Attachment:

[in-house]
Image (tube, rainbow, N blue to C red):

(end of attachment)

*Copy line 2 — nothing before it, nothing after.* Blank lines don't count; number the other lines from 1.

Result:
Image (tube, rainbow, N blue to C red):